Research has shown that on average 32 per cent of employees rate themselves among the top five per cent performers within their organisation and around 93 per cent believe they are better than the majority of their colleagues.

The studies found that this false percep­tion of ones own ability becomes more false and more exaggerated the lower the perfor­mance of the individual.

This is what is known as the Dunning-Kru­ger Effect.

In 1999 social psychologists David Dunning and Justin Kruger wrote a paper called “Un­skilled and Unaware of It: How Difficulties in Recognising One’s Own Incompetence Lead to Inflated Self-Assessments.”

The paper started because the psycholo­gists saw the case of McArthur Wheeler who robbed banks in the United States without a mask because he believed that by rubbing lemon juice on his face made him invisible to the surveillance cameras.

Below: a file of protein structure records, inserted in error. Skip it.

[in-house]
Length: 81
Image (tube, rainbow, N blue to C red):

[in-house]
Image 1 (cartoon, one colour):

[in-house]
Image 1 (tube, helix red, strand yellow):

The study concluded that the more incom­petent a person is the less likely they are to be unaware of their own incompetence so your poor performers are unlikely to agree they are a poor performers.

They may sit there and agree and nod their head but they are unlikely to improve.

The Dunning-Kruger study also showed that people who were highly competent were also falsely influenced.

In these cases people who do well tend to as­sume the task they perform is easy so there­fore should be easy for others to perform.

This is a challenge for leaders especially if the leader has previously done the same role as the poor performer as the leader is likely to underestimate the difficulty of the tasks they are asking others to perform.